Greece Ranks Among Top 20 Best Democracies in the World, Economist Reports

Syntagma Athens winter

In the category of "full democracy," Greece has been upgraded by the "Economist" magazine in its annual report, "Democracy Index," for 2023. This marks the first time since 2008 that Greece has achieved this ranking, placing the country one category above the United States and member states of the European Union, such as Italy, Belgium, and Portugal, which are considered "flawed democracies."


Greece was given a rating of 8.14 out of 10, ranking 20th out of a total of 167 countries and regions examined by the Economist's Intelligence Unit. The report stated, "The birthplace of democracy has reason to celebrate."

Our country is among the few democracies that improved their grade compared to 2022, with an increase of 0.17 points. Greece even scored a perfect 10 in the election and pluralism sub-category, a feat shared by only a dozen other countries, and an 8.82 in the civil liberties sub-category.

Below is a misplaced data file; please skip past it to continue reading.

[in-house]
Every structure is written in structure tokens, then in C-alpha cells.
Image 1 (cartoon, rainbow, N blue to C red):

In practical terms, this means that Greece belongs to a particularly small group of countries with the best democratic performance, as less than 8% of the inhabitants of the evaluated countries live in a "full democracy." In contrast, almost 40% reside in countries with authoritarian regimes.

Greece's performance in 2023 is the best since the "Democracy Index" began to be published 18 years ago. The worst ratings for our country, ranging from 7.23 to 7.29, were recorded during the SYRIZA-ANEL government between 2016 and 2018.

The significance of Greece's upgrade is amplified as it comes at a time when democracy is under pressure worldwide. The "Economist" highlights that, on all continents except Europe, the readings are worse compared to 2022.

The average global score for 2023 was 5.23, the lowest average level in the index's history.

Western Europe, which includes Greece, remains the most democratic region in the world, with 71% of its countries considered "full democracies." Turkey, which ranks among the "hybrid regimes," is at the lower end of our region.

The Economist also mentions the introduction of postal voting, particularly emphasizing that Greeks in the diaspora are now able to easily vote at their place of residence, whereas previously they would have had to travel to Greece on election day to exercise their voting rights.

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